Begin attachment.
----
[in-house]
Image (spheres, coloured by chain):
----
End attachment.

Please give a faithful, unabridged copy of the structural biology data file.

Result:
[in-house]
Image (spheres, coloured by chain):